And there’s more good news.
Three hours a day of public preschool attendance is free from the autumn term of the year your child celebrates its third birthday. Following that, Sweden has a maximum-fee policy to ensure that everyone can afford childcare.
Fees are income-based with no charge for low-income families and costs capped at 1,287 kronor (around $152) for higher earning parents.
5. Shorter working hours
While we’re at it, here’s yet another thing that makes your day-to-day easier as a parent in Sweden.
Parents of children under the age of eight who haven’t finished their first day of school are entitled to shorter working days. Up to 25 percent shorter, in fact, meaning you can work six hours a day instead of eight.
It means no missing school pickups or after school activities, as well as getting to spend more time with your kids in the evening — something working parents around the world often struggle with.
6. Children’s rights
“Children are meant to be seen and not heard” is not something you’ll hear in Sweden.
Swedes are committed to making sure children’s voices are heard, providing them with the care and support they need to grow into stable, rounded adults.
So committed, in fact, that Sweden was one of the first nations to pass the United Nations Convention on the Rights of a Child. It was also the first country to ban all kinds of corporal punishment of children. That means no smacking, no matter what.
As a parent, it means you’re living in a country that is committed to giving your children the best possible start in life, as well as the best possible future.
Don’t let this Swedish term scare you — in fact, you should embrace it, just as so many other parents in Sweden do.
And what exactly is föreningsliv?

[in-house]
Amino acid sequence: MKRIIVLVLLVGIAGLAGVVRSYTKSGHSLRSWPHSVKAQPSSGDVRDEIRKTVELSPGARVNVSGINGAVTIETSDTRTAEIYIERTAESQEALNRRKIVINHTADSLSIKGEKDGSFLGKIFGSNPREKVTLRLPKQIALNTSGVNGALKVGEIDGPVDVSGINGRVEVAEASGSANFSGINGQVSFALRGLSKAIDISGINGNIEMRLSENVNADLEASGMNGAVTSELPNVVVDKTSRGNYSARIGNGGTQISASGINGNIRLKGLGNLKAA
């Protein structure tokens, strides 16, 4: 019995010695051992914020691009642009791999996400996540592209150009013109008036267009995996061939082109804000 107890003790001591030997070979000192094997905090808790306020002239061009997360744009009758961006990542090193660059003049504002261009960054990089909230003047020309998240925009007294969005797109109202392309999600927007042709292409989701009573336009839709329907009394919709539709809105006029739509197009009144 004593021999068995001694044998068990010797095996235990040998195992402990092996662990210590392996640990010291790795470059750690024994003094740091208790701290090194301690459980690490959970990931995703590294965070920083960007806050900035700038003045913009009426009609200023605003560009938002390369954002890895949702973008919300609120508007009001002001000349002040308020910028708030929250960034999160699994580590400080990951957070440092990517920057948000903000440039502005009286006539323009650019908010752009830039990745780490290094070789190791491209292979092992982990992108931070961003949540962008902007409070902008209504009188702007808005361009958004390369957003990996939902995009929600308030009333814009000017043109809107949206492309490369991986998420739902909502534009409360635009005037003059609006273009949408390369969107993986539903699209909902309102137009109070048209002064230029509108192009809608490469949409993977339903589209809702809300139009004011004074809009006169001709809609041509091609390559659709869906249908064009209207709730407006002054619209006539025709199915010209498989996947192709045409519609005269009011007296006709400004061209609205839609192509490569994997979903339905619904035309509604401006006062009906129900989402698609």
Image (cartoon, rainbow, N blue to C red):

It’s something of a catch-all term used by Swedes to describe a society-wide penchant for engaging in organised clubs and associations of all kinds — many of which revolve around children.
In Sweden, sports clubs, cultural groups, choirs, neighbourhood associations — you name it — are all föreningar (literally “association” or “club”) to which “members” belong.
This means that signing your child up for the local football club doesn’t simply mean dropping him or her off at training for a couple hours a week. Rather, you and your family instantly become members of a little community, opening the door to a range of different opportunities to meet and engage with other families.
Everyone gets involved and everyone plays a part.
While it all might sound alien to non-Swedes, it’s a great way to be part of a community, get to know other parents, and also get your head around Swedish democracy, which is something föreningsliv encourages kids to understand from a young age.
For more information in English about parenting in Sweden, visit the Information Sverige portal where you can learn everything from how the Swedish school system works to keeping your children safe on the internet.
This article was produced by The Local Client Studio and sponsored by Länsstyrelsen.